Take Back the Unions for Their Members
What we are witnessing in the labour movement today is quite simply a tragedy. At a time when the working class is suffering as never before, leaders of South African Federation of Trade Unions (Saftu) are tearing the young federation to pieces.
The working class needs this federation to strengthen and grow. It is the only potentially militant, independent grouping of trade unions in South Africa. And it is not just a question of the labour movement needing such a leading force. It is the working class movement as a whole.
Community organisations are weakened if they are unable to get the active support of organised workers. Abahlali baseMjondolo (the people of the shacks) needs the active support and resources of organised workers. The Xolobeni struggle for the “Right to say No” is strengthened by the support of a federation of workers. The loss and the setback to the working class movement will be huge.
What Lies Behind the Dispute
The heart of the dispute inside Saftu comes down to a strategic difference over how to build the working class movement politically. National Union of Metalworkers of South Africa (Numsa) argues that the correct way is to build what it calls a Marxist-Leninist Vanguard Mass Party. The Saftu General Secretary and a number of affiliates favour the building of a mass working class party or Movement for Socialism. Numsa established its “vanguard party,” the Socialist Revolutionary Workers Party (SRWP). It now wants Saftu to throw its weight behind the SRWP. It views as a class enemy anyone who stands in the way of that project.
And here is the first error, which can be traced back to the degeneration of the Bolshevik Party after the 1917 revolution. The Bolshevik Party regarded itself as indispensable to the working class. Without the Bolshevik Party, the revolution would fail. And it was not just the Bolshevik Party, it was its leadership. And not just its leadership, it was the General Secretary. So the interests of the working class become reduced to the interests of the Party and thereafter to the infallible leader.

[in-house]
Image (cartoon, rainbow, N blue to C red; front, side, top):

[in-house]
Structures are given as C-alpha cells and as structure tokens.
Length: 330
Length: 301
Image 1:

Defence of the Party becomes synonymous with defence of the working class. Perhaps it was more understandable at a time when the Bolshevik Party had just successfully played a leading role in a revolution. It is rather less understandable when the party we are talking about is a largely dysfunctional, factionalised, small grouping of mainly Numsa worker leaders and staff. It is an organisation that was able to secure only 24,439 votes nationally in the last election. It is support for this organisation that Numsa appears to be willing to shatter Saftu, a federation of 600,000 members.
What an irony. The famous Numsa Special Congress in 2013 led to Numsa’s expulsion from Cosatu because the affiliates of Cosatu required allegiance to the ANC. Numsa is now ready to break Saftu apart because it requires allegiance to SRWP. Is there no learning from history?
Whence the Factionalism?
Factional politics are narrow politics. Politics which fetishises a tactic or strategy at the expense of having a perspective of the interests of the working class and the poor as a whole. Numsa fetishists a particular form of political party. Only a Marxist-Leninist Vanguard party will retain a revolutionary perspective. Only a Marxist-Leninist Vanguard party can be relied on to not sell out. Look at Syriza; Podemos: living proof.
Era of Investment Companies
And then there is the other aspect of this tragedy – the sell-out to a lifestyle for union leaders funded by a union investment company. In Numsa’s case it has been a particularly insidious process because of the business that the investment company engages in. The main customers of the Numsa Investment Company (NIC) are the union’s members. This has become clear as the sordid story of 3Sixty Life (the main subsidiary of NIC) has unravelled through amaBhungane and GroundUp.
3Sixty makes its money by selling insurance policies to workers. Numsa organises 350,000 workers. A perfect synergy you might think. The benign view of this model is that Numsa’s company makes money by selling policies to members and then ploughs that money back into the union for the members’ benefit. It must have looked like a pretty model on someone’s computer 15 years ago.